Former supermarket tycoon Ben Dunne and his wife Mary are selling part of their personal art collection in an exhibition that is expected to generate millions in sales.
The Mary and Ben Dunne Collection, comprising 39 paintings, will be on display at Gormleys in Dublin from September 8-22, before moving to Belfast for two weeks.
“We are at a stage where we are downsizing and we don’t have the space to display the full collection,” said businessman Dunne, 73, who runs a chain of six gyms in Dublin, Meath and Laois.
“So we are happy to bring some of it to the exhibition and sale.”
The collection – expected to break recent Irish gallery records for a single exhibition – includes works by Irish artists such as Jack B Yeats, John Lavery, Roderic O’Conor, Mary Swanzy and Walter Osborne, some valued at up to 1 million euros.
Two works which experts say will attract huge interest from collectors were inspired by landmark events in 20th century Ireland – the Bloody Sunday massacre at Croke Park in 1920 and the 1922 funeral of the revolutionary hero Michael Collins.
“A great collection is more than a group of images – it is a work of art in its own right, in which the works of art that compose it, and the conversation between them, become more than the sum of their parts,” said art expert Mark Adams in his foreword to the catalog.
“Using their own brilliant eye for a painting and seeking the guidance of the late Alan Hobart, Ben and Mary Dunne have formed a collection that captures Ireland in all its endless facets.”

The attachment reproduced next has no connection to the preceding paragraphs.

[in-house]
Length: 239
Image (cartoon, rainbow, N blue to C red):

Singing The Dark Rosaleen (1921) by Jack Butler Yeats will retail for around $1 million and depicts an impromptu rendition of the patriotic poem My Dark Rosaleen by two middle-aged men and a mid-life violin player. the crowd at Croke Park.
The painting is a moving response to events at the GAA headquarters a year earlier, when 13 spectators and Tipperary right-back and captain Michael Hogan were gunned down in the stadium by RIC auxiliaries.
In Sketch for Pro-Cathedral, Dublin 1922, Belfast-born Sir John Lavery captured his view of Michael Collins’ memorial service from his vantage point on the Pro-Cathedral’s organ balcony.
His epic work – one of three featured in the Dunnes’ collection – is widely believed to be an authentic snapshot of the funeral and was painted during the service.
A strong piece by Roscommon painter Roderic O’Conor is also expected to pique the interest of potential buyers, while Dublin landscape artist Mary Swanzy is displaying two paintings.
Born in 1882, she was known for her wide range of styles – and Houses on a Mountainous Landscape (c. 1920) testifies to her early interest in modernism.
In The Viaduct (c. 1930), described by experts as a “light and airy Cubist” work, she adopts a low point of view to create a powerful relationship between the architecture of the painting and the viewer.